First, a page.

Thursday, March 24, 2005

Unintended Consequences (?);
A Brief Political Essay

On January 16, 1919, the 18th Amendment to the Constitution of the United States of America was ratified. 
Section 1.

After one year from the ratification of this article the manufacture, sale, or transportation of intoxicating liquors within, the importation thereof into, or the exportation thereof from the United States and all territory subject to the jurisdiction thereof for beverage purposes is hereby prohibited.

Section 2.

The Congress and the several States shall have concurrent power to enforce this article by appropriate legislation.

Section 3.

This article shall be inoperative unless it shall have been ratified as an amendment to the Constitution by the legislatures of the several States, as provided in the Constitution, within seven years from the date of the submission hereof to the States by the Congress.
I'm sure it seemed like a good idea at the time.  Of course, it led to a dramatic surge in the power of organized crime, which did not go away even after the Amendment was repealed in 1933.  We still are suffering from the effects of that legislation. 

Now, we are seeing something similar in Ohio:
Issue 1 conflicts with domestic abuse law, judge says
Marriage amendment makes portion of law unconstitutional, he rules
Thursday, March 24, 2005
Brian Albrecht
Plain Dealer Reporter

Ohio voters who approved a constitutional amendment last fall that denied legal recognition of unmarried and gay couples probably didn't envision the measure being successfully used as a defense in domestic violence cases.

But that became a reality Wednesday when Cuyahoga County Common Pleas Judge Stuart Friedman ruled that the amendment, approved by voters as Issue 1, made part of the state's domestic violence law unconstitutional.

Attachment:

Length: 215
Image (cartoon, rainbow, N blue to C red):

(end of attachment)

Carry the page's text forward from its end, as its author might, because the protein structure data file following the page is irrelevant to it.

Friedman said that because Ohio's domestic violence law recognizes the relationship between an unmarried offender and victim as one "approximating the significance or effect of marriage," it represents a direct conflict with the amendment's prohibition against such recognition and is thus unenforceable.
The similarity, of course, is that both pieces of legislation turned out to have unintended consequences.

Changing a legal constitution is serious business.  It's sort of like doing surgery on someone.  It calls for aequanimitas: without due restraint, there can be unintended consequences.  In the case cited above, the perpetrator had his charges reduced from a felony to a simple misdemeanor. Although the federal Constitution can be changed only after a lengthy process, state constitutions and other legislation can be changed quickly, by the same sort of flash mob mentality that resulted in S.653.CPS (For the relief of the parents of Theresa Marie Schiavo).  

Today, my wife told me about the situation with Ohio's Issue 1.  She was upset, thinking that this could portend some kind of gradual erosion of our civilization.  I told her not to worry.  Although Issue 1 and S.653.CPS prove that stupid legislation can be passed quickly, it should not happen very often. After all, we have the protections afforded by Separation of Powers, Checks and Balances, and a multi-party political system.   Then I remembered that all of those protections are under attack by the Republican Party. 

I told her to start worrying again.

Sure, not all supporters of the Republican Party actually want those protections to be removed.  But they all are complicit in the process, and all will bear responsibility for the consequences.